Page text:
Sanford Health is now offering outpatient therapy to treat COVID-19 patients who are at high risk for hospitalization.
After receiving a referral for treatment from a provider, patients receive an infusion of monoclonal antibodies. Monoclonal antibodies are laboratory-made proteins that mimic the immune system’s ability to fight off viruses. In this case, they are designed to block the virus’ attachment and entry into human cells.
Health care providers hope this will help more people avoid hospital stays while dealing with the disease.
This is particularly important as it applies to rural health. Better outcomes and fewer hospitalizations could count as a pair of victories for Sanford providers and their patients.
“That’s why we started looking at outpatient therapy — how can we lower the number of hospitalizations that we’re seeing?” said Jesse Breidenbach, Sanford Health senior executive director of pharmacy. “We were also trying to treat earlier in the disease. That makes a lot of sense for a viral infection.”
The development of an antibody treatment known as bamlanivimab by the pharmaceutical company Eli Lilly recently received emergency use authorization from the FDA. It has been shown to prevent certain high-risk populations from developing severe illness.
Most importantly, it’s now available at a growing number of locations across the Sanford system, including in many rural communities.
Vital outpatient treatment
“We’re very proud that as an organization with a broad footprint, we’re able to provide these therapies in so many locations,” said Amy Thiesse, Sanford Health vice president of nursing and clinical services, health network. “We’re able to meet our patients close to their homes.”
Sanford is delivering vital treatment thanks to effective planning and staffing. Distribution is an integral part of providing health care when geography presents its own unique challenges.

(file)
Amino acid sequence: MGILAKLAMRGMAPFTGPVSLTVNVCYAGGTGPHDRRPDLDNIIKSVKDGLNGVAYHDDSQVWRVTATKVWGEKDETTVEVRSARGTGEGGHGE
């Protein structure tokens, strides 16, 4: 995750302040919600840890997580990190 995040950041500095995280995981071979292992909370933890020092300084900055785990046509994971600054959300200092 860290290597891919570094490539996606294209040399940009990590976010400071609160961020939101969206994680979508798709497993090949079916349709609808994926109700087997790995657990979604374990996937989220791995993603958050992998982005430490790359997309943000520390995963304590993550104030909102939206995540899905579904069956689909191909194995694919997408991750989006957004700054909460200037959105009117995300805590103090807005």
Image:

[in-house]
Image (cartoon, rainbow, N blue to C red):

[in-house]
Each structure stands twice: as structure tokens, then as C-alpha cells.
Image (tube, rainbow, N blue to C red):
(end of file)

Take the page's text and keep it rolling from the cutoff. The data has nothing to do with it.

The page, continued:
“The goal of therapy is to provide it to the appropriate population and to keep people healthy and out of the hospital,” Thiesse said. “We want to stem progression of the virus and the clinical condition that can come with it.”
When a patient tests positive for COVID-19, the result is shared in Sanford’s electronic medical record. A nurse will review the record, which includes patient-specific risk, to determine if the patient meets the criteria to receive the antibody treatment. Primary care providers can also make direct referrals to identify patients who would qualify for these therapies.
The antibody drug must be ordered by a physician and is administered via a one-time infusion.
A top priority
“We have a great clinical team that has been able to evaluate our patients over the course of the pandemic, identify what works best and then share that information,” Thiesse said. “By doing that we’ve been able to make a positive impact. In the outpatient setting we’re able to provide therapies to patients before they become so ill they need hospitalization or emergency department visits.”
As one of the nation’s largest integrated health care systems, Sanford has the infrastructure needed to provide access to COVID-19 treatments for rural communities. In this situation, meeting the challenge is accompanied by a strong spirit of cooperation.
“Our rural providers are so passionate about their patients in their communities,” Thiesse said. “It’s never a question of ‘should we?’ It’s a question of ‘when’ and ‘how quickly can we have the therapies available?’”
In many instances, these front-line care givers have themselves been affected by the pandemic. Regardless, they’re moving forward. Providing outpatient therapy is another example.
“We’re all very appreciative that we’re part of an organization that keeps our rural care givers a top priority,” Thiesse said. “They’re very passionate about providing care in part because they’re assured their organization will help make it happen.”
Sanford Health currently has COVID-19 infusion centers operating in the following locations:
- Clear Lake
- Thief River Falls
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